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Nubia M. Wardford, Anthropologist/Archaeologist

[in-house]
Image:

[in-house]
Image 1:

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Nubia M. Wardford, Anthropologist/Archaeologist Born and raised in the City of Detroit. Nubia became interested in geology and paleontology at the age of 7 while digging in the earth and researching stones, plants and animal fossils of Michigan. After reading about the treasures of Tutankhamen at age 8 she became sure that her life interest would be investigating and researching the accomplishments of early African civilizations. She taught science for grade levels Pre-K – grade 8, for ten years. She has dedicated a great deal of her life toward uplifting the Black community and will continue in this work. "There is much to be done. I am confident with the young brilliant minds that I have encountered are a small sample of the actual number just waiting for their chance." With a B. A. in Anthropology, she has worked at major museums in the Detroit area, such as the Wayne State University Anthropology Museum, The Henry Ford Museum, The Detroit Institute of Arts and now she is presently working as a registrar, which is the caretaker of the collections at the Charles H. Wright Museum of African American History. Now she is proud to be involved in her greatest endeavor, which is the research and excavations of Ancient Nubia in the Sudan. She has recently been offered employment as an English instructor and a scholarship from the University of Khartoum in Sudan, where she will actively engage in the field study of The Sacred Cities of Ancient Nubia while teaching English and pursing her Masters degree and Ph. D in archaeology.